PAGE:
Freedom of Religion is Not Freedom to Hate

A protester from the Westboro Baptist Church. provided by Wikimedia

Katey Whiteman, Contributing Writer

The Westboro Baptist Church is notorious for slamming gays and hating on soldiers.  The WBC pickets military funerals with horrific signs that prove how outrageous they are. The website is literally “

Their latest scandal is by far the most nonsensical piece of news I’ve heard in a while.  For those who don’t know, there was a horrendous shooting in Tucson, Ariz., on Jan. 8.
Six of the 19 people shot died.

Among the dead was Christina Green, a 9-year-old born on Sept. 11, 2001.  She also was interested in the government.

Another was U.S. District Judge John M. Roll, well known for trying to control border violence.

Dorwan Stoddard, 76, was shopping with his wife, Mavy, when the shooting started.  He tried to block Mavy from the shooter but was wounded, leaving her to comfort him for the last 10 minutes of his life.

Mavy explained to the press that they were elementary school sweethearts who reunited after retiring and had been wildly in love ever since.

The shooter, 22-year-old Jared Loughner, is being charged with one count of attempted assassination of a member of congress, two counts of attempting to kill a federal employee, and two counts of killing a federal employee, with more charges heading his way.

Now back to the Westboro Baptist Church. They take their children out on the streets to learn their irrational ways. These children firmly believe that gays go to hell and soldiers are dying for our sins.  Four-year-olds are walking along their parents crying, “God hates fags!”

In response to the Arizona shootings, the WBC thought that protesting funerals of the victims would be a logical idea.  Clearly these people are insane.

Who in their right mind decides that it is a good idea to protest a 9-year-old girl’s funeral, preaching that the shooter was sent from God and praying for more “dead carcasses” to pile up?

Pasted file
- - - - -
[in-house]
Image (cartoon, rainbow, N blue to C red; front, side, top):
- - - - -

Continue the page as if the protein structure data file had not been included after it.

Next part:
Fortunately, an emergency bill was passed to keep protesters at least 300 feet from the mourners during the funerals.

Several hundred people lined the street dressed in either white T-shirts or “angel wings” made of sheets to block the funeral from any picketers.  It was an amazing display of community pride and love.

However, no protesters appeared; they agreed to back off as long as they received airtime on national radio shows.

If they want the attention, they should create a reality TV show about their senseless cult lifestyle of brainwashing their children into closed minded bigots.

The church will get airtime on two national radio shows. While the community is upset about the church receiving publicity, radio hosts stand by their decision to broadcast.  They feel that the airtime being used is worth the time mourners deserve to say goodbye to their loved ones.  I have to agree.

1 Response

  1. timbabcock says:

    There was a show I saw on CNBC where a reporter was spending the week of them. It’s an occult since they live in a joint community and the members aren’t allowed to marry anyone outside of the church, and the members don’t hang out with members outside of the church as well. They all live on the same block with all of the back yard fences removed for use as a common area. Services are held in the basement of Fred’s house. The families law firm seems to be the money maker to the whole operation. I’m surprised that the whole thing hasn’t been investigated (unless their not claiming non profit status). Fred Phelps was known for being a great civil rights lawyer and takes credit for bringing down the Jim Crow laws in Kansas City. His law firm is still around even though he has been disbarred from practicing law back in the 1980s. It was about that time that he took on this current agenda. He likes to be in the limelight and he has managed to put it into his daughter who put it into her children as well.

What do you think?